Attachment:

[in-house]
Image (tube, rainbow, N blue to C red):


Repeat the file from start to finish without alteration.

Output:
[in-house]
Image (tube, rainbow, N blue to C red):